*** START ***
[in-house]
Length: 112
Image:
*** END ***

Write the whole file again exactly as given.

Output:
[in-house]
Length: 112
Image: